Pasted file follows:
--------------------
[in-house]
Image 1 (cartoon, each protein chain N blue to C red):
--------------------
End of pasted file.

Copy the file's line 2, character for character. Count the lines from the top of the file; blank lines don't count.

Image 1 (cartoon, each protein chain N blue to C red):